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Omnidirectional printing of elastic conductors for three-dimensional stretchable electronics


Three-dimensional printing could be used to create complex and multifunctional soft electronic devices. However, printing solid-state elastic conductors with three-dimensional geometries is challenging because the rheological properties of existing inks typically only allow for layer-wise deposition. Here we show that an emulsion system—consisting of a conductive elastomer composite, immiscible solvent and emulsifying solvent—can be used for the omnidirectional printing of elastic conductors. The viscoelastic properties of the composite provide structural integrity to the printed features—allowing freestanding, filamentary and out-of-plane three-dimensional geometries to be directly written—and pseudo-plastic and lubrication behaviours that provide printing stability and prevent nozzle clogging. Printed structures of the intrinsically stretchable conductor exhibit a minimum feature size less than 100 μm and stretchability of more than 150%. The vapourisation of the dispersed solvent phase in the emulsion results in the formation of microstructured, surface-localized conductive networks, which improve the electrical conductivity. To illustrate the capabilities of our approach, we create a skin-mountable temperature sensor with a matrix-type stretchable display based on omnidirectionally printed elastic interconnects.

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Fig. 1: Ink design for omnidirectional printing of elastic conductors.
Fig. 2: Rheological properties of omnidirectionally printable inks.
Fig. 3: Omnidirectional printing of elastic conductors.
Fig. 4: Morphologies and electrical characteristics of dilution-based and emulsion-based composites.
Fig. 5: Electromechanical characteristics.
Fig. 6: Direct writing of 3D-structured on-skin electronics.

Data availability

The data that support the findings of this study are available from the corresponding authors upon reasonable request.


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This work was supported by the Nano & Material Technology Development Program through the National Research Foundation of Korea (NRF) funded by the Ministry of Science and ICT (NRF-2020M3D1A2101799), the Korea Institute of Science and Technology (KIST) Future Resource Research Program (grant no. 2E32501) and KU-KIST School Project. B.L. also appreciates support from the NRF grant funded by the Korea government (MSIT) (no. 2021R1C1C2091957).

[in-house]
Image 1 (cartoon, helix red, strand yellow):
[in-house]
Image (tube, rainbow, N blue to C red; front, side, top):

Author information

Authors and Affiliations



B.L., H.C., S.M. and S.C. conceived the idea. B.L. and S.C. designed the materials and experiments. B.L., H.C. and S.M. fabricated and characterized the printable inks and elastic conductors. Y.K., Y.-S.R. and H.K. assisted with the materials design and characterization. B.L. carried out the FEA in discussion with S.C. B.L. and H.C. designed and fabricated the skin-mountable devices. B.L., H.C. and S.C. wrote the manuscript with input from all the authors. H.K. and J.J. reviewed and revised the manuscript. All the authors discussed the results and approved the manuscript.

Corresponding authors

Correspondence to Byeongmoon Lee or Seungjun Chung.

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The authors declare no competing interests.

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Peer review information

Nature Electronics thanks Lixue Tang, Hyunwoo Yuk and Nanjia Zhou for their contribution to the peer review of this work.

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Supplementary information

Supplementary Information

Supplementary Figs. 1–27, Tables 1 and 2 and references.

Supplementary Video 1

Three-dimensional spiral structure printed with emulsion-based ink.

Supplementary Video 2

Elasticity of omnidirectionally printed self-supporting conductors.

Supplementary Video 3

Single-step writing of self-supporting and out-of-plane geometries.

Supplementary Video 4

On-skin temperature visualization system based on omnidirectionally printed elastic conductors.

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Lee, B., Cho, H., Moon, S. et al. Omnidirectional printing of elastic conductors for three-dimensional stretchable electronics. Nat Electron 6, 307–318 (2023).

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